08/05/2010 4:24PM

Pletcher expects Quality Road to deliver big performance in Whitney

Tom Keyser
Quality Road, working Sunday at Saratoga, will try on Saturday to become the eighth horse to win the Met Mile and the Whitney in the same year.

SARATOGA SPRINGS, N.Y. –Here’s a scary thought: As good as Quality Road was winning the Metropolitan Handicap – and he was brilliant – trainer Todd Pletcher believes the 4-year-old colt could be even better in Saturday’s Grade 1, $750,000 Whitney Handicap at Saratoga.

If Pletcher’s assessment proves correct then his five opponents are in for a long day and those who attend the 11-race card on what is forecast to be a glorious summer afternoon in the Adirondack region – highs in the mid-70s and no rain – will be in for quite a show.

Coming off a 114-day layoff, Quality Road won the Met Mile at Belmont Park on May 31 by 1 1/2 lengths over Musket Man, running the distance in 1:33.11, which equaled the second-fastest time in the 111-year history of the race.

“It was a huge performance, I thought,” said Pletcher, who trains Quality Road for owner/breeder Ed Evans. “We thought we had him fit enough to do that. The way he’s trained leading up to this indicates to me that he’s even fitter and better than he was going into the Met. His works coming into this have just been unbelievable to watch. The way he’s trained is as good as a horse can train.”

If Quality Road adds the Whitney to his victory in the Met Mile, he will become the eighth horse to win both races in the same year. The list consists of Equipoise (1932), Devil Diver (1944), Tom Fool (1953), Kelso (1961), Carry Back (1962), Criminal Type (1990), and In Excess (1991).

Quality Road will face a solid field in the Whitney, which will award an automatic berth into the Breeders’ Cup Classic on Nov. 6 as part of the Breeders’ Cup’s Win and You’re In program. His opponents Saturday include Blame, winner of six of his last seven races, including the Grade 1 Stephen Foster; Musket Man, the Met runner-up; Haynesfield, the Suburban winner; and Mine That Bird, the 2009 Kentucky Derby winner. The Brazilian-bred and overmatched Jardim rounds out the field.

The Whitney goes race 10 on a card that also includes the Grade 1 Test for 3-year-old fillies. The Whitney is the third leg of a pick-four wager that has a guaranteed pool of $500,000. The Test and Whitney will be shown live during a one-hour-broadcast on regions sports networks MSG-Plus and Mid-Atlantic Sports Network beginning at 5 p.m. Eastern.

The Whitney is run at 1 1/8 miles, a distance at which Quality Road set a track record at Gulfstream Park winning the Grade 1 Florida Derby (1:47.72) as a 3-year-old before breaking that mark in February winning the Grade 1 Donn Handicap by 12 3/4 lengths in 1:47.49.

It wouldn’t be shocking if Quality Road threatened Saratoga’s track record, set by the Pletcher-trained Lawyer Ron, who in 2007 won the Whitney in 1:46.64. The Pletcher-trained Left Bank won the 2002 Whitney in 1:47.04, which equals the second-fastest time of this race.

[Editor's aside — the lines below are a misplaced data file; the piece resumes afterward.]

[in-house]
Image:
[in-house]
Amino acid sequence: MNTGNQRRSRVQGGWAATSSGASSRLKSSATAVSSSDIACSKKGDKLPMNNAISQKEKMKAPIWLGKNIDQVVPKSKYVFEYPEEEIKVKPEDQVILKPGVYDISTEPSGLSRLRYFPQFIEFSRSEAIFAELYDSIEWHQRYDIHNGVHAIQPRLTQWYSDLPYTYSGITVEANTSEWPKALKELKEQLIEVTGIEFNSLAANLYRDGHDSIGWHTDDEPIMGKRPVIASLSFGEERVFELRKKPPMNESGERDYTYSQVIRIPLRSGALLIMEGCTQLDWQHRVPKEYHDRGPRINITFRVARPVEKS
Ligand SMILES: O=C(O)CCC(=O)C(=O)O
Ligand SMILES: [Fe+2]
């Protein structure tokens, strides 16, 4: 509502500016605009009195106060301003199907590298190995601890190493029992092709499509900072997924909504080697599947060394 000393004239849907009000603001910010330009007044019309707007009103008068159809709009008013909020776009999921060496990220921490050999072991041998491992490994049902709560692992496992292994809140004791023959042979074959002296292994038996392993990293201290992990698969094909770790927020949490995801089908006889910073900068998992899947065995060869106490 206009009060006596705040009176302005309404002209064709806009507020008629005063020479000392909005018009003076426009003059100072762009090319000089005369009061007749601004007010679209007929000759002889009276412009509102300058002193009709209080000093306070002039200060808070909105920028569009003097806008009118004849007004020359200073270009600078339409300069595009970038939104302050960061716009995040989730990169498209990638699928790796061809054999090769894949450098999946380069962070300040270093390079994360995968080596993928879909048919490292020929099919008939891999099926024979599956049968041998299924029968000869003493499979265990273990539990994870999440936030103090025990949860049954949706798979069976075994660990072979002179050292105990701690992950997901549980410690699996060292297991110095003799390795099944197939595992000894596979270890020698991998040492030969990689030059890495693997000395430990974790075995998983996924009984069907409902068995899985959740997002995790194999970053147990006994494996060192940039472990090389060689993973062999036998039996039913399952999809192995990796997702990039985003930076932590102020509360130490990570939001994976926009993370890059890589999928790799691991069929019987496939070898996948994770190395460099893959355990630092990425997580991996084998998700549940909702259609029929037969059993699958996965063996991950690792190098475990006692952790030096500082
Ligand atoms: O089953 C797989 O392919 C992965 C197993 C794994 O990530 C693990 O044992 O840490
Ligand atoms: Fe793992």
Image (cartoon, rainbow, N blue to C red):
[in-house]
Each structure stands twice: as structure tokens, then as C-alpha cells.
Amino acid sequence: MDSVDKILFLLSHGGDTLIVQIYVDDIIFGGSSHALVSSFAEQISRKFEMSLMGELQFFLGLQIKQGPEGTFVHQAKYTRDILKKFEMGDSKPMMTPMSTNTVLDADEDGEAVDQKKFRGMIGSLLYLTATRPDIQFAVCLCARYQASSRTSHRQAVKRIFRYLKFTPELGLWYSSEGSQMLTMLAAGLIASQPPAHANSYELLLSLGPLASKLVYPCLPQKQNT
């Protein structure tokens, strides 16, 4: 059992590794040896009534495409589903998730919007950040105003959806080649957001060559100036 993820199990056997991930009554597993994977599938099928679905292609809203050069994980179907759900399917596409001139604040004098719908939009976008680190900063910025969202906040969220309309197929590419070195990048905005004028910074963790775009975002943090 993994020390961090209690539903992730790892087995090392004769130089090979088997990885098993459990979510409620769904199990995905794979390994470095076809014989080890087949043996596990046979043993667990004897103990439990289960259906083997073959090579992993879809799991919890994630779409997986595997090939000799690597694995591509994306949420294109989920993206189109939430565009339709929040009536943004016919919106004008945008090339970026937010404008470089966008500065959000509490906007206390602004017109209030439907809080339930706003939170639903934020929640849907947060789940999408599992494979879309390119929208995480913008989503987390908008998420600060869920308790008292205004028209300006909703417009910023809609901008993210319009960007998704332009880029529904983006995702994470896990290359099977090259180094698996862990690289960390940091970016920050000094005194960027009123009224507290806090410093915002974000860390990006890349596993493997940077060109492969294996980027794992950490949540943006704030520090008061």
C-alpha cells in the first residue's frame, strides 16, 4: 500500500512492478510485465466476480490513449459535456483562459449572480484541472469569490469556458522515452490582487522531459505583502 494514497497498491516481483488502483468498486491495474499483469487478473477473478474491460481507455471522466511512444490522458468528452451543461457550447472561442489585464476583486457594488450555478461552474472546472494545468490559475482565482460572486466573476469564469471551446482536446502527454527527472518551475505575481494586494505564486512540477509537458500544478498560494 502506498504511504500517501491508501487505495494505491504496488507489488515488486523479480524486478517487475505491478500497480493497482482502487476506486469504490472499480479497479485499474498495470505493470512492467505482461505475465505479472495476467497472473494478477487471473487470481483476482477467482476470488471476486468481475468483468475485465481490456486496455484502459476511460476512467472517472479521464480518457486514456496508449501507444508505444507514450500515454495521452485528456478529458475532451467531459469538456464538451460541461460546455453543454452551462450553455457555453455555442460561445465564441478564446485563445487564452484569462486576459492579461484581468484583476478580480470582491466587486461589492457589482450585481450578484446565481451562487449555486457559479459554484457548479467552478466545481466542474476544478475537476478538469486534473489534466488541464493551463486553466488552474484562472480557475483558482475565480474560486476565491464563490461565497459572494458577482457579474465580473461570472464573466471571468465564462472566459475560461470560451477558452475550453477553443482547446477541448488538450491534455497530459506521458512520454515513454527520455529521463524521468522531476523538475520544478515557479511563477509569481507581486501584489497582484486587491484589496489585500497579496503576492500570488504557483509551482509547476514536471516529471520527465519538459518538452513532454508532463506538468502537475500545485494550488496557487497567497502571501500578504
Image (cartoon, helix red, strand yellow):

Quality Road, who is the 126-pound highweight and is conceding five to 13 pounds to the field, is a speed horse who can carry that speed a distance of ground. His natural gait probably puts him on the front end, unless the connections of Haynesfield are intent on making the lead.

“He’s going to have to run really fast to pass me going to that first turn because [Quality Road] is pretty quick out of there,” said John Velazquez, a three-time Whitney winner who will ride Quality Road from post 3.

Steve Asmussen, the trainer of Haynesfield, a New York-bred son of Speightstown who has reeled off four straight wins, including the Grade 2 Suburban, said it wouldn’t make sense to mess with Haynesfield’s running style.

“I don’t think you can think a horse deserves a chance and then change who they are,” he said. “If you do something different with him how are you going to know if he belongs or doesn’t belong? Let him run.”

Al Stall, the trainer of the late-running Blame, hopes that Haynesfield can put enough pressure on Quality Road to give his horse a chance in the stretch. Blame has won four consecutive graded stakes, including the Grade 1 Stephen Foster, in which he overcame an outside post and slow fractions to win.

“He overcame the post, he overcame the slow pace, and still ran a really good race,” Stall said. “You’d think coming out of that race he’d have to be better going in. He always trains well so I can’t tell you he’s better. You have to think he’s sitting on a really good race.”

Musket Man came within 1 1/2 lengths of Quality Road at a mile, and will now stretch out around two turns for the first time since he finished third in the Preakness. Rajiv Maragh rides Musket Man for the first time.

Mine That Bird has lost six straight races since upsetting the 2009 Kentucky Derby at 50-1. D. Wayne Lukas, who took over the training of the gelding in May, has trained Mine That Bird with the idea of not allowing him to be so far off the pace early on in a race

“We don’t have any grandiose ideas that we can run down Blame or Quality Road or Musket Man from left field,” Lukas said. “We’re going to have to stay a little bit closer but we’ve been training a little bit different. He’s showing a little more turn of foot so we won’t be as far back, hopefully.”